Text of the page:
17. ^ Wilhelm Lautenbach: Interest, credit and production. (Ed. Wolfgang Stützel) Tübingen 1952, p. 62: “If the saved amounts are kept as deposits with the banks, ceteris paribus the liquidity [of the overall banking system] deteriorates. The credit volume grows with the same fund, so that the ratio of total deposits to fund deteriorates. For if the savers had not saved but spent their income, the amounts of money would inevitably have come to the banks in the same way after they had flowed through the retail trade; the banks' cash holdings would have been the same, but the credit volume would have been lower, because the amounts spent for consumption would have been collected by entrepreneurs, with the result that their credit needs would have been correspondingly lower, but their sales would have been higher. That is a paradoxical result in every direction. Earnings, liquidity and, as a result, the propensity to invest are greater when wage earners save less. Saving is only just generating the need for credit with reduced sales, and conversely, when savers consume earlier savings, the liquidity of both banks and companies is increased and at the same time the entrepreneur's income. "
  18. Wolfgang Stützel: Economic balance mechanics. (Reprint of the 2nd edition) Tübingen 2011. P. 80.
  19. Heinz-J. Bontrup based on data from the overall financial accounts of the Deutsche Bundesbank, Tab. 8, p. 26, (PDF)
  20. ^ Ewald Nowotny: Reasons and Limits of Public Debt. In: Economics in theory and practice . Berlin / Heidelberg 2002, p. 261, :
    “From an economic and political point of view , the mandatory
    balance-mechanical relationship that a policy to reduce budget deficits ( “ budget consolidation ” ) can only be successful if it succeeds To reduce the financial surplus of private households (e.g. through increased private consumption) and / or to increase the willingness of companies to borrow (e.g. through investments) and / or an improvement in the current account (e.g. through additional exports) to reach."
  21. ^ Henry Dunning Macleod: Lectures on Credit and Banking  - Internet Archive . London 1882.
  22. ^ Hans Christoph Binswanger: The Growth Spiral: Money, Energy and Imagination in the Dynamics of the Market Process. Berlin and Heidelberg 2013, p. 38,
  23. ^ Hans Gestrich: Credit and saving. Jena 1944 (1st edition) p. 107.
  24. Hartley Withers: The English Banking System  - Internet Archive Washington 1910.
  25. ^ Hermann Feifel: The applicability of the modern theory of credit creation to the special kind of savings bank business. Berlin 1959. p. 28.
  26. ^ RG Hawtrey: Currency and Credit  - Internet Archive . London 1919.
  27. John Maynard Keynes: On Money. (1930/1932) 3rd edition. Berlin 1983. p. 18 f:
    “Such a bank creates claims against itself for the surrender of money, or, as we will later call this fact, it creates deposits. […] But there is a second way in which the bank can create a claim against itself. It can buy values ​​itself, that is to say, increase its investments and, at least initially, settle this purchase by granting a claim against itself. Or the bank can create a claim against itself in favor of a borrower against his promise of later repayment; that is, it can give loans or advances. In both cases, the bank creates the credit. "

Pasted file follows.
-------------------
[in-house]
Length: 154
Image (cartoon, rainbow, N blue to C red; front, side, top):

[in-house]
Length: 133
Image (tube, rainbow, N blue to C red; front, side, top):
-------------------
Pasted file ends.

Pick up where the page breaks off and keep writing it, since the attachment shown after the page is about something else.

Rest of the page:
28. ^ Hermann Feifel: The applicability of the modern theory of credit creation to the special kind of savings bank business. Berlin 1959, p. 18,
  29. Loan money: in the broader sense, all money without its own (material) value. In the past also credit coins (pieces of money whose metal value was considerably below the face value). See Helmut Kahnt, Bernd Knorr: Old measures, coins and weights. A lexicon. Bibliographisches Institut, Leipzig 1986, licensed edition Mannheim / Vienna / Zurich 1987, ISBN 3-411-02148-9 , p. 386.
  30. John Maynard Keynes: On Money. (1930/1932) 3rd edition. Berlin 1983. p. 12 f .:
    "Because the use of bank money depends on nothing other than the discovery that in many cases the transfer of debts is just as useful for the processing of business as the transfer of money, to which those are called. A claim to debt is also a claim to money, and insofar as one relies on the prompt exchange of a debt instrument for money, the element of distance does not play a role in the suitability of bank money for conducting business. In the old world, bank money in the form of bills of
    exchange was no less suitable and necessary than it is today for the purposes of doing business over long distances, because of the low costs of transmission compared to the costs and risks of transporting cash. "
  31. See Heinrich Rittershausen: Bankpolitik. An examination of the border area between credit theory, price theory and economic policy. Frankfurt 1956.